Bayer’s $30 Billion Roundup Crisis Heats Up as It Braces for a ‘Significant Surge’ of New Lawsuits

October 16, 2019, 11:22 AM UTC

Bayer AG said it anticipates a “significant surge” in the number of plaintiffs suing the company over the weedkiller Roundup when it reports earnings later this month.

An increase in advertising by U.S. attorneys seeking new clients since mediation talks began will likely add to the litigation, the German drugs and chemicals giant said in an emailed statement. There were 18,400 plaintiffs as of July, the last time Bayer provided an update.

The Roundup crisis has cost Bayer more than $30 billion in market value as the company lost three U.S. trials over whether the popular herbicide causes cancer, suffered an unprecedented shareholder vote of no confidence and faced speculation about a breakup. A swelling number of plaintiffs adds to the pressure to settle the mountain of litigation inherited last year in the $63 billion takeover of Monsanto.

Bayer shares fell as much as 1.2% on Wednesday and were little changed as of 12:16 p.m. in Frankfurt trading.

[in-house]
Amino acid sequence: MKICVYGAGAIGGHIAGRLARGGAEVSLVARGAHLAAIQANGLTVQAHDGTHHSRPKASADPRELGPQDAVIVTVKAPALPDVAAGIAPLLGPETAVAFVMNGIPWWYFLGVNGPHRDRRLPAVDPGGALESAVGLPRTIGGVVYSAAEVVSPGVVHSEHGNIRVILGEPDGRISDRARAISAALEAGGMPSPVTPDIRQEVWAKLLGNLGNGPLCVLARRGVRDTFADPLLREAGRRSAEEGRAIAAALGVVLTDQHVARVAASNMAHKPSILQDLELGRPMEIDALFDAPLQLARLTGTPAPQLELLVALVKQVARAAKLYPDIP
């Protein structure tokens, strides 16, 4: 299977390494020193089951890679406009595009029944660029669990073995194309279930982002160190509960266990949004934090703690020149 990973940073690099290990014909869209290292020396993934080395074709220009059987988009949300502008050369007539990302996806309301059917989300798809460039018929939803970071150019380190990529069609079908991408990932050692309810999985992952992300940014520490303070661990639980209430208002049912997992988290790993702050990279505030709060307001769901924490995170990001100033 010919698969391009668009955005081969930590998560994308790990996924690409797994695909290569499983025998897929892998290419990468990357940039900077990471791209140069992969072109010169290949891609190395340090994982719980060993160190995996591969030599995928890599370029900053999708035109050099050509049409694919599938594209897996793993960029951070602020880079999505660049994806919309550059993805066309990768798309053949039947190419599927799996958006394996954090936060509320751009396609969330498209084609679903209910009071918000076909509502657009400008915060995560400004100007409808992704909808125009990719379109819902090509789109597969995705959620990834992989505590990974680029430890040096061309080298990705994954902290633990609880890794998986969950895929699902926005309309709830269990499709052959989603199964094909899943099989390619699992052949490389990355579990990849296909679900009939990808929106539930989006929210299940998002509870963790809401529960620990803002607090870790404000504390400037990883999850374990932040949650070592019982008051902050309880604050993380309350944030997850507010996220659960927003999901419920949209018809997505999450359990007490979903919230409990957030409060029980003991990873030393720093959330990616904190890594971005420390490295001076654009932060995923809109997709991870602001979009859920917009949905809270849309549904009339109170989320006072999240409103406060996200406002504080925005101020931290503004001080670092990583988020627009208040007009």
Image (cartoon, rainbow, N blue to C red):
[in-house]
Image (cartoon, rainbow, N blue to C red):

“The number of plaintiffs is not an indication of the merits of these cases,” Bayer said. The company says Roundup is safe and has appealed the trial losses.

The sheer number of cases is important in the ongoing mediation talks. Analysts have estimated that settling all the U.S. lawsuits could cost between $2.5 billion and $20 billion. Some Bayer investors have said that a global settlement of anything under $10 billion would be worth it.

Bayer’s comments came after JPMorgan Chase & Co. analysts scrutinized filings in St. Louis County and St. Louis City courts and concluded there could be 26,877 new plaintiffs in those venues alone. The analysis didn’t tally new cases elsewhere.

More than 450 new Roundup cases — many with multiple plaintiffs — were filed in the St. Louis County courts since July 11, roughly the same number as in the preceding two years, according to a list provided by a court spokeswoman.

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